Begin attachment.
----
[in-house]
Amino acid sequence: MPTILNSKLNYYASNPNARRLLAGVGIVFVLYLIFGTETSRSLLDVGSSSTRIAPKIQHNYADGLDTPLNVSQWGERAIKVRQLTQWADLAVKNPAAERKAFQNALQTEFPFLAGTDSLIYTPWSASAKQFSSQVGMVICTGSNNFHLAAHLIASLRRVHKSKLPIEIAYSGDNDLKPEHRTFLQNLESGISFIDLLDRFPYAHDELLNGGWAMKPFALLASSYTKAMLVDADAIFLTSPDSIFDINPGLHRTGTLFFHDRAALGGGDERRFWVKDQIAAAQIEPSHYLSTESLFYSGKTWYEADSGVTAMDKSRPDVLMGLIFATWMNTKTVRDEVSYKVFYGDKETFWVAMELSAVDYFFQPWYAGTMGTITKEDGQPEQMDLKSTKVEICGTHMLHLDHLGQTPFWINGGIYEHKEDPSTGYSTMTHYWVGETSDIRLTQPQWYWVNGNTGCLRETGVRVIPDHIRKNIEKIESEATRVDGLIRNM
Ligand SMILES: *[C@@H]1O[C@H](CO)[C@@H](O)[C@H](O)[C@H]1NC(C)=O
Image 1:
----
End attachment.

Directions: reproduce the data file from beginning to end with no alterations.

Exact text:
[in-house]
Amino acid sequence: MPTILNSKLNYYASNPNARRLLAGVGIVFVLYLIFGTETSRSLLDVGSSSTRIAPKIQHNYADGLDTPLNVSQWGERAIKVRQLTQWADLAVKNPAAERKAFQNALQTEFPFLAGTDSLIYTPWSASAKQFSSQVGMVICTGSNNFHLAAHLIASLRRVHKSKLPIEIAYSGDNDLKPEHRTFLQNLESGISFIDLLDRFPYAHDELLNGGWAMKPFALLASSYTKAMLVDADAIFLTSPDSIFDINPGLHRTGTLFFHDRAALGGGDERRFWVKDQIAAAQIEPSHYLSTESLFYSGKTWYEADSGVTAMDKSRPDVLMGLIFATWMNTKTVRDEVSYKVFYGDKETFWVAMELSAVDYFFQPWYAGTMGTITKEDGQPEQMDLKSTKVEICGTHMLHLDHLGQTPFWINGGIYEHKEDPSTGYSTMTHYWVGETSDIRLTQPQWYWVNGNTGCLRETGVRVIPDHIRKNIEKIESEATRVDGLIRNM
Ligand SMILES: *[C@@H]1O[C@H](CO)[C@@H](O)[C@H](O)[C@H]1NC(C)=O
Image 1: